Until now, Europe has had two major collaborative networks for ground-based astronomy, one in the optical and the other in the radio-wave domain. OPTICONRadioNet;have now come together to form Europe's largest ground-based astronomy collaborative network. Launched with funding to the tune of €15 million under the H2020 programme, the project aims to harmonise observational methods and tools, and provide access to a wider range of astronomy facilities. The project will be coordinated by the CNRS, the University of Cambridge and the Max-Planck Institute for Radio Astronomy.
As our knowledge of the Universe advances, astronomers increasingly need a range of complementary techniques in order to analyse and understand astronomical phenomena. As a result, the European Union has decided to bring together the optical and radio networks OPTICON and RadioNet, who have successfully served their respective communities over the past twenty years.
With €15 million in funding from the H2020 programme, the European astronomy community will now benefit from the formation of Europe's largest ground-based astronomy network: the OPTICON-RadioNet PILOT (ORP), which brings together some twenty telescopes and telescope arrays.
The ORP network is intended to harmonise observational methods and tools for ground-based optical and radio astronomy instruments, and provide researchers with access to a wider range of facilities, building on the success and experience of the OPTICON and RadioNet networks.
The new programme will make it easier for the astronomy community to access these infrastructures, as well as provide training for new generations of astronomers.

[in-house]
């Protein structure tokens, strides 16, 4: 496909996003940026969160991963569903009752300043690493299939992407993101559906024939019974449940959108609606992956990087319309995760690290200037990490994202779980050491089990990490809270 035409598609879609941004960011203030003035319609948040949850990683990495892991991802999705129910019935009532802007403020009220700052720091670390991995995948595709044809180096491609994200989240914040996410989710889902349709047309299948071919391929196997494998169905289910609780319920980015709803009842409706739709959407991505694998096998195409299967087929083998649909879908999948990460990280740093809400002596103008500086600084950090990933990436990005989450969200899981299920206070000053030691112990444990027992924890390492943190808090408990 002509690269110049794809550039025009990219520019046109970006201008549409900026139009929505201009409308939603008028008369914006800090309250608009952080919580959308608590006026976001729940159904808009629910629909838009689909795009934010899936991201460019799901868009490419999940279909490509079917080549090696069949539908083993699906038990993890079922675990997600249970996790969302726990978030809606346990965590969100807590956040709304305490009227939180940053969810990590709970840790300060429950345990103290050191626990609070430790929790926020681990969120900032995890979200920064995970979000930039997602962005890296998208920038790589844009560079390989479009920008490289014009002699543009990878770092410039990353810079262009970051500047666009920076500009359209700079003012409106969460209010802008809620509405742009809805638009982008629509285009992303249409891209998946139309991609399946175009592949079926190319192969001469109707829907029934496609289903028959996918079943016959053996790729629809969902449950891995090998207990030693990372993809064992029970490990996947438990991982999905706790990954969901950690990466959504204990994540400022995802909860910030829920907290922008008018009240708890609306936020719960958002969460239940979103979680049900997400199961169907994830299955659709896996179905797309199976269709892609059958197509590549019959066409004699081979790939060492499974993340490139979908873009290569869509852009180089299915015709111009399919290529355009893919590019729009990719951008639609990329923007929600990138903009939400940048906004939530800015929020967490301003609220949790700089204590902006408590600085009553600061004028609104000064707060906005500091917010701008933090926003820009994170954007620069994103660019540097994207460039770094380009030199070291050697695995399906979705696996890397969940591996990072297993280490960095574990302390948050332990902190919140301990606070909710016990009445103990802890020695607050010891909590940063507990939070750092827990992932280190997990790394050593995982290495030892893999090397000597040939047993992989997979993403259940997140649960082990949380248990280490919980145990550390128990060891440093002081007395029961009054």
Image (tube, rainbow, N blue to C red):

According to the management team, "it is very exciting to have this opportunity to further develop European integration in astronomy, and develop new scientific opportunities for astronomy research across Europe and globally".
The ORP will in particular foster the development of the booming field of what is known as multi-messenger astronomy, which makes use of a wide range of wavelengths as well as gravitational waves, cosmic rays and neutrinos. Removing barriers between communities by harmonising observation protocols and analysis methods in the optical and radio domains will enable astronomers to work better together when observing and monitoring transient and variable astronomical events.
Astronomers from 15 European countries, Australia and South Africa, as well as from 37 institutions, have already joined the ORP consortium.
The EVN is represented by the following institutes: JIVE, Max-Planck Institute for Radio Astronomy (MPIfR/MPG, Germany), Institute of Radio Astronomy (IRA-INAF, Italy), Jodrell Bank Observatory (JBO/UNIMAN, United Kingdom), ASTRON (The Netherlands), Onsala Space Observatory (OSO, Sweden), Instituto Geográfico Nacional (IGN-CNIG, Spain), Nicolaus Copernicus University (UMK, Poland), Ventspils University of Applied Sciences (VIRAC/VeUAS, Latvia) and Aalto University (Finland).
The ORP management team includes Jean-Gabriel Cuby, ORP project coordinator at the CNRS National Institute for Earth Sciences and Astronomy, Gerry Gilmore, Professor at the University of Cambridge (UK) and Anton Zensus, Director of the Max-Planck Institute for Radio Astronomy (Germany), as the ORP scientific coordinators for OPTICON and RadioNet respectively.